The DevOps market is not overhyped – except for container technology and other bits that are, the head of Puppet Labs told us last month.
Depending on your point of view, the technologies of DevOps, Agile Continuous Delivery and digital transformation are worthy of slavish devotion, or are subject to egregious levels of hype.
When we put the question to Puppet CEO Luke Kanies, last month, he phrased his answer in terms most of us could understand – cold hard cash.
This was in a week where Puppet itself secured a $22m credit line after deferring an expected IPO, JFrog snagged $50m of funding, and UK consultancy Contino merged with a US firm to form Sendachi, picking up $30m of investment along the way.
Not exactly small change, but modest figures compared to the $462m Atlassia raised in its pre-Christmas IPO. But 12 year old Atlassian had years of expansion under its belt, was profitable, and can reasonably be filed under “founders of established company diversifying their portfolios, while gaining additional liquidity”.
Puppet itself has been around since 2005, and has so far taken in around $85m in previous funding rounds, while steadily building out its platform. Like a number of its rivals.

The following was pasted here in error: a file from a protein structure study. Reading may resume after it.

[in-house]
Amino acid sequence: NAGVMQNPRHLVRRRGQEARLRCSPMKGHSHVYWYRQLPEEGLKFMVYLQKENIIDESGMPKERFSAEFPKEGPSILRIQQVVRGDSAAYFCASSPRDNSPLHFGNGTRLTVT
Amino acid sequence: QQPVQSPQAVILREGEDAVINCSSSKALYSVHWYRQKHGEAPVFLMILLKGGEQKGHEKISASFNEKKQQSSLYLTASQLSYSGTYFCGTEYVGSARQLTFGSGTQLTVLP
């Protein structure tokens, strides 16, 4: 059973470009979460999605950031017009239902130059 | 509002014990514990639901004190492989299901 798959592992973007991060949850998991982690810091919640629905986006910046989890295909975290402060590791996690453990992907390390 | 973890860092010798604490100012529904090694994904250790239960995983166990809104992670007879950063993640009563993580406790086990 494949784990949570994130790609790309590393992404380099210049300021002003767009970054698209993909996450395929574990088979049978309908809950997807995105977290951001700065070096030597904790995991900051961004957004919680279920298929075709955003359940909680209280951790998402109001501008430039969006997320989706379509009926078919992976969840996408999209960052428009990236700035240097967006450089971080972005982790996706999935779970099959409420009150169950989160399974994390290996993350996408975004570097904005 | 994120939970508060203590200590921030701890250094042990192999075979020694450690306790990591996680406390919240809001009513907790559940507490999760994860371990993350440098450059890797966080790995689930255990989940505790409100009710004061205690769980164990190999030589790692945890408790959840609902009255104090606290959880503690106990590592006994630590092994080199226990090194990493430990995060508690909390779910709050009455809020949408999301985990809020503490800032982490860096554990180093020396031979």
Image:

He continued, “If you define hype as fledgling companies getting inappropriately huge rounds based on no market traction I think there’s almost no hype.”
So, Kanies declared, “I don’t think there’s a ton of hype in the market.”
“There’s almost no companies in my industry that based on blogposts or name recognition have walked out of the door with $10m or $20m of funding.”
“There’s a decent amount of funding in our space, but it’s not a huge amount. Most of that money’s going to companies that have real traction, real adoption,” he said.
When Kanies talks about “my industry” it’s worth noting Puppet self-identifies as a “devops” company.
He continued, “If you compared [this] to, like, ad tech or web or the sharing economy, there’s way more hype in those spaces.” But then again, those guys have really important things to spend their money on, like redesigning their logos.
But...Kanies then swivelled closer to home, to declare, “I do think there’s a lot of hype around the new world infrastructure...you look at things like containers and schedulers.”
To be fair to Kanies, he suggested that these sorts of technologies were not part of the DevOps space proper – rather they’re “related to DevOps”.
“Those areas I think you’ve seen really speculative investments - it’ll be interesting to see how things work out in the long run.”
Kanies didn’t elaborate on who he was referring to. But Docker, for one, secured $95m in series D funding last April, just seven months after a $40m C series round. In January 2014 it raised $15m.
So, there you go. If you take a balanced view of things, you can make a plausible argument that DevOps is not overhyped. The issue is what exactly is your definition of DevOps. ®
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